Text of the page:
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Choir & Organ is the leading independent magazine for all professionals and amateurs in the choral and organ worlds – whether you are an organist, choral director or singer, organ builder, keen listener, or work in publishing or the record industry, Choir & Organ is a must-read wherever you live and work.

Every two months our expert contributors bring you beautifully illustrated features on newly built and restored organs, insights into the lives and views of leading organists, choral directors and composers, profiles of pioneering and well-established choirs, and topical coverage of new research, festivals and exhibitions. In keeping with our commitment to music at the cutting edge, we commission a new work from a young composer in every issue, making the score freely available for download and performance.

Our international news and previews, with breaking stories, key awards and forthcoming premieres, combine with reviews of the latest CDs, DVDs and sheet music, and listings of recitals, festivals and courses, to keep you up to date with events and developments around the world.

The Neoclassical Organ and the Great Aristide Cavaillé-Coll Organ of Saint-Sulpice, Paris

Latest News

British winners at the 2014 Canadian International Organ Competition

14 November 2014

Grand Prize winner David Baskeyfield
Grand Prize winner David BaskeyfieldGeorge Liberman

Two British organists took by storm the Canadian International Organ Competition, the finals of which were held in Montreal in October.

David Baskeyfield (30) won the Grand Prize at the Canadian International Organ Competition 2014; he also took the Royal Canadian College of Organists Prize for the best performance of a piece by a Canadian composer, and the Richard-Bradshaw Audience Prize. His final round programme included works by Mozart, Willan, Isoir, Alain and Widor, performed on the IV/90 Casavant organ in Notre Dame Basilica.

Andrew Dewar (32) took second prize and the Bach Prize. Both Baskeyfield and Dewar are past winners of St Albans International Organ Festival, in 2011 and 2005 (respectively). Third place went to Daria Burlak (27), from Russia.

The competition was adjudicated by an international jury chaired by John Grew (Canada), accompanied by Jacques Boucher (Canada), James David Christie (USA), Stefan Engels (Germany), Janette Fishell (USA), Marnie Giesbrecht (Canada), Olivier Latry (France), Pier Damiano Peretti (Italy and Austria), and Dame Gillian Weir (UK).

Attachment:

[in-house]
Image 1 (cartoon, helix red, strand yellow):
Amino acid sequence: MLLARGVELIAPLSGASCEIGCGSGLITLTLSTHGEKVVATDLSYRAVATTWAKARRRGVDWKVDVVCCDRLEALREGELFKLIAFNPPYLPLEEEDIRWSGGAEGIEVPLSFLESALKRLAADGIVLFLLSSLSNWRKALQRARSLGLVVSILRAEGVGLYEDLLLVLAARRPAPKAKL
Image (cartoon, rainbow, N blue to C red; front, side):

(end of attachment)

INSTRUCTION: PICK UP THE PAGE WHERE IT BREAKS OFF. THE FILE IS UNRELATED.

The final round was recorded by ICI Musique and highlights were broadcast nationally on 23 October All  competition rounds can be listened to at cbcmusic.ca/CIOC.


College organist and senior lecturer of KCL David Trendell dies

14 November 2014

The classical music world was shocked by the death in October of David Trendell, College Organist, director of the Chapel Choir, and a senior lecturer in music at King’s College, London.

Born in 1964, Trendell was first a chorister, then an alto choral scholar, at Norwich Cathedral. Following a period as organ scholar at Exeter College, Oxford, he became assistant organist at Winchester College and directed the Edington Festival of church music for four years. Moving to Oxford in 1989, he was organist of the University Church of St Mary the Virgin, Oxford, and tutor at three colleges. In 1992 he moved to King’s College, University of London, where among other responsibilities he was responsible for Chapel music, strengthening the choir and taking them on regular tours in Europe, the US and Asia, as well as recording a series of CDs with them, most recently of Desenclos and Poulenc (see Choir & Organ, March/April 2014). He also held choirmaster posts at St Bartholomew the Great, Smithfield, followed by St Mary’s, Bourne Street.

David Trendell died of a brain haemorrhage on 28 October.

New Resource Helps Lincolnshire Sing